We’re Not Electing a Planner? Why the Heck Not?

We’re Not Electing a Planner? Why the Heck Not?

This week, Joe Biden criticized Elizabeth Warren for being too practical. “We’re not electing a planner,” he said, taking aim at Warren’s ambitious “I Have a Plan for That” messaging. The criticism might be more effective if Warren didn’t have a reputation for converting her plans to action, and if Joe Biden didn’t have a reputation for going off message and saying exactly the wrong thing. You know what keeps you from making a bunch of gaffes on the campaign trail, Joe? A solid plan.

The implication is that Warren is more of a worker bee than a queen bee. She’s good with mundane details and all the boring stuff, but she’s not a real leader. I hate this attitude and I have encountered it all too often.

I once worked with a guy who was not a planner. He would come into my office all jazzed about some new scheme for fundraising or program development. I would ask for details. I would ask for specifics. I would ask for a plan. He had nothing. “I’m more of a big idea guy,” he liked to say. The implication was clear: I’ll come up with the ideas, but you’ll need to make it work.

Here’s what he could never understand: Making it work is the work.

Anyone can come up with big ideas and grand schemes. The hard part is putting the ideas and the schemes to work in a practical, meaningful way. I want someone who is willing to do the hard part.

We don’t have that now. We have a man in office who comes up with nonsense like alligator-filled moats and tells his staff to work out the details. Any minute spent crunching the numbers on federally funded alligators is a waste of my tax money and of yours. And yet, that’s where we are as a nation. You don’t get harebrained schemes like that from a planner.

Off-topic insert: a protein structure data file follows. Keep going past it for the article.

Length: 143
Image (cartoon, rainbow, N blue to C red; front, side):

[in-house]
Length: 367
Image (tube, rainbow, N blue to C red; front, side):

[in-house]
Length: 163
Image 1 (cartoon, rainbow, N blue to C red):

This insult that really isn’t an insult is most often leveled at women. In many workplaces, men are the dreamers and women get to deal with the details. What these men don’t understand is that their big ideas are often full of flaws and false assumptions and insurmountable budget challenges. All of that has to be considered and overcome before anything will happen. You know what all that consideration is called? It’s called a plan.

So, yeah, I do want to elect a planner to the presidency. I want to elect someone who dreams big, but plans carefully. I want someone who is willing to dig in and do the work once the lofty rhetoric of the campaign trail fades.

I don’t know if Elizabeth Warren will end up with the nomination, but I believe she can be both a good planner and a great leader. The question is whether America really values either of those things anymore. Maybe we have the president we have now, because we don’t want someone who works; we’re only interested in someone who can put on a big show.

I’m tired of the nightmare circus. I’m tired of the show. I want a president who thinks and plans and works hard and considers what she (or he) is going to say before it comes out of her mouth. I want a president who sleeps at night instead of tweeting unceasing madness into the void. I want a president who is willing to compromise, but never at the expense of morality or basic decency.

I believe we have several good options among the Democratic candidates. Elizabeth Warren is one of them. Biden’s right; she’s a helluva good planner. That’s exactly what this country needs right now.

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Tiffany Quay Tyson

THE PAST IS NEVER is the winner of the Willie Morris Award for Southern Fiction, the Janet Heidinger Kafka Prize, the Mississippi Institute of Arts and Letters Award for Fiction, and the Mississippi Author Award for Adult Fiction (selected by the Mississippi Library Association). This southern gothic novel steeped in local lore was selected as an "Okra Pick" by the Southern Independent Booksellers Alliance. Tyson's debut novel THREE RIVERS was a finalist for both the Colorado Book Award for Literary Fiction and the Mississippi Institute of Arts and Letters Award for Fiction. She was born and raised in Jackson, Mississippi and now lives, writes, and teaches in Denver, Colorado.
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One thought on “We’re Not Electing a Planner? Why the Heck Not?

  1. Yes! Our President should be damn good at planning. It’s an important job, and not one where charm makes up for thoughtful action.

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